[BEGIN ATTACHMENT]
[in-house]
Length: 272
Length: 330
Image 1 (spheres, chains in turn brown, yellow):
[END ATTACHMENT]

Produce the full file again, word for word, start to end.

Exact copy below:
[in-house]
Length: 272
Length: 330
Image 1 (spheres, chains in turn brown, yellow):